Q&A with Education Manager Paul Maguire
Oprah Show Ultimate Viewers spent a memorable evening at this popular Sydney attraction. Learn more about its unique history and conservation efforts from Paul, the education manager. Plus, meet his favorite (sneaky!) zoo animal.
Kari Forsee, Oprah.com: How did you become interested in animals?
Paul Maguire: I grew up in the Bush, in the Blue Mountains. I've always had animals around—my dad was a bit of a bird watcher—and I did a teaching sport degree as well as camping with kids. When this job came up to work at the zoo, combining both animals and kids, it was perfect for me.
KF: How many children come through the Taronga Zoo each week?
PM: In a year, we have about 120,000, so some weeks, we're having 3,000 to 4,000 kids coming through.
We are very, very big on kids connecting with animals, and I love when kids touch them and have that magic moment. The animals here are all specially trained for that and we want kids to have endearing memories.
We also have this new exhibit called a "Lemur [Forest] Adventure," and the two keywords are "safe danger." I want kids to climb and act like lemurs because they will be seeing lemurs and I want to make it engaging, but also a bit risk-taking as well, so they can see [the world from] a lemur's point of view. It's sort of in between those two perimeters.
Next: Taronga's conservation efforts
KF: Can you tell us about the conservation efforts Taronga is implementing to help protect endangered species?
PM: There are lots of different levels to that. There's the research level where we try to learn more about green habits and more about animals' habitats and how they survive. There are also breeding programs. ... The area I'm most involved with is about connecting people with animals. Hopefully these efforts make them become more engaged and conservation-focused in their everyday lives.
Next: What makes Australian wildlife unique
KF: What makes Australian wildlife unique, in your opinion?
PM: I think it's unique because Australia is such an isolated country, and it's actually had an interesting history as the Ice Ages have come and gone. We're moving toward the equator, so we've had relatively stable time, which means animals here haven't had to change as much as animals have changed in other continents. That's why, here, you met marsupials—egg-laying mammals—and pouch mammals that don't exist in other continents. It's almost like a land that time has half forgotten, and I love the fact that our animals are only found here. They are so different—the koala, the echidna, the platypus—are just mind-blowingly unique.
KF: Tell us more about those animals.
PM: They're amazing. The echidna is probably the oldest mammal. Their fossil records go back 55 million years! If I did a checklist of my most successful mammal, that would be at the top of my list because they are the most widely found mammal, and their population has stayed the same. It's like having all the cars in America and having your best car being your oldest car—I just love that. I love how charismatic they are and how amazing they are that they're just still here doing their business after such a long period of time.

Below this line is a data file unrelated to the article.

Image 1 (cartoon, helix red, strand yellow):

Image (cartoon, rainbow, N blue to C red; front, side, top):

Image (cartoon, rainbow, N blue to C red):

Next: What sets Taronga apart from other zoos
KF: What sets Taronga apart from other zoos?
PM: Well, I think it's a combination of the really rich experiences with native animals and seeing things in a really natural context. Of course, it's the wonderful views as well, so those things are what people most comment upon as far as being a great zoo.
KF: Can you tell us a bit about the zoo's history?
PM: Yes, it's got an interesting history. This used to be a swampy marsh area. ... No one ever thought that people would live here, or that it would be the kind of exclusive suburb it is now. In 1916, they barged animals across, cleared some area and opened the zoo—I think it was in April of that year—and it has really evolved from being a traditional zoo into more of an immersive educative role now. We're still heading in the right direction—every zoo has to change and as technology improves, the zoos will improve as well—but I'm really, really happy where it is at the moment, from both the visitors' and the animals' perspectives.
Next: Paul reveals his favorite animal at the zoo
KF: When you have free time, which exhibits are you drawn to around the zoo?
PM: The echidna is my favorite. We have echidna out in the back, right near my office. I spend time with them.
The three echidna are Puglsey, Ned and Spike. People don't believe me, but five times I've seen Pugsey climb up the screen door at the back of my office. It's like Toy Story—When the lights go off, you don't know what they're up to! Pugsley goes up the screen door, he goes across—five times this has happened—and he sits on the door handle, the door handle comes down and Spike opens it at the bottom!
The other ones I enjoy are the chimpanzees. I like the dynamics—it's like watching a playground at school. I also love the giraffes as well, just how beautiful giraffes are with the Sydney Opera House and the Harbor Bridge behind us...I lose some time there every day, just about. It's beautiful.
Find out more about the Taronga Zoo's animal encounters, conservation efforts and more!
Printed from Oprah.com on Friday, March 7, 2014
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